Flattr this!

Last night I dreamed that I was schizophrenic, or what I imagine being schizophrenic would be like. I had just watched “The Soloist” (with Jamie Foxx and Robert Downey, Jr.) last week and just finished reading the book the film was based on and I suppose those two things influenced my dream. However, be warned that I am not a health professional and anything I write in this post should be considered with a grain of salt, although I will try to be as accurate as possible.

Women are often treated differently when it comes to health issues of any kind. Except for breast cancer and cancers of the reproductive system, I can’t think of any other major health problems that the medical profession takes as seriously in women as in men. The consequences of this inattention can be deadly, because women go undiagnosed and untreated far longer than men do for such conditions as heart disease and lung cancer. Schizophrenia also fits in this category.

Schizophrenia is reported more often among men than among women but that does not mean that it is not a significant mental illness issue for women. The main difference between the sexes is that the onset of the disease is about 4-6 years earlier for men than for women. (Although, for reasons discussed here, it could just be that it is noticed earlier in men than in women.)  It has also been observed that the disease “looks” different among men than among women. “Delusions in women appear less bizarre, with more somatic and romantic preoccupations. Men are more concerned with political conspiracy and undercover activities and have more grandiose delusions of power, royalty, and divinity. Women experience delusions of being pregnant when, in reality, they are not — or not being pregnant when, in reality, they are.” It could be that this accounts for the perception that more men than women are schizophrenic.

Women’s symptoms “are so commonplace even in nonpsychotic individuals that they are easy for caregivers to empathize with. In general, women’s delusions seem relatively understandable to clinicians; men’s delusions appear more bizarre.” You could say that schizophrenic women suffer more quietly. In addition, their symptoms are often written off as “hormonal” conditions (pre-menstrual, pregnancy-related, menopausal).

As a result, women’s symptoms have to last longer, be discovered earlier (as well as later: women are more likely to suffer from late-onset schizophrenia–or again, is it just that it is noticed belatedly?), be more pronounced and kept more indistinct from mood disorders than for men for women to be treated adequately, if at all.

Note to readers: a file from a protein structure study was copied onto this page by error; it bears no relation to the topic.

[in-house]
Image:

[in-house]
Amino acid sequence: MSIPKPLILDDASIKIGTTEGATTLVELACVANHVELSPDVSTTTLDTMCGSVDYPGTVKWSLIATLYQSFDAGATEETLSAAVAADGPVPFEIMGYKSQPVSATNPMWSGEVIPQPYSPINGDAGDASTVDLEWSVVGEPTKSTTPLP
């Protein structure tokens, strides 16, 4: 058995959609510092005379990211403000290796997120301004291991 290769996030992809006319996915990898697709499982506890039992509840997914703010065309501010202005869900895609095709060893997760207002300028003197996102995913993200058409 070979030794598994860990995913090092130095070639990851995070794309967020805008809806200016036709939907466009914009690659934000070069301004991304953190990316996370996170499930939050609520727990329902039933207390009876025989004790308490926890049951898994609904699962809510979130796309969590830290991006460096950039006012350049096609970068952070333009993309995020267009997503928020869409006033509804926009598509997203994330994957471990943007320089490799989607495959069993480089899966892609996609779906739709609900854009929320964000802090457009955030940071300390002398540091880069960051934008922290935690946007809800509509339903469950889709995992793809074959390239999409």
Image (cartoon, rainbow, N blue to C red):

Another critical area to keep in mind when it comes to women with schizophrenia is the side effects of any pharmacological drugs used in treatment (to control hallucinations, delusions and thought disorders. The new drugs do not affect fertility the way the older drugs did, leading to a higher likelihood of unwanted pregnancy (not a good thing for a schizophrenic woman to experience). Also, “increases in appetite and weight gain of 30 pounds or more can occur, which in turn leads to diminished self-esteem, especially in women, and increased health risks. ”

Although I do not have schizophrenia (regardless of my dream), I do suffer from clinical depression and anxiety and have found the same problem with drugs used to treat these conditions. I have yet to find a doctor who takes this side effect seriously. As per most feminine complaints, it is seen as 1) just something that women obsess about; and 2) the result of a woman’s lack of willpower–not her drug treatment.

The bottom line is women have to insist on treatment that fits their unique profile. But few women have the self-confidence to speak up, particularly to their health care professionals. This has to change. Women need to learn to be their own advocates. No one else is going to fight for them.

Now if I can just get up the nerve to hit my doctor hard about my forty-pound weight gain and the effect it has on my depression. And if he doesn’t listen to me, then to find one who does.

Source: “Women and Schizophrenia” by Mary V. Seeman.

See also: “Fighting Antipsychotic Weight Gain.”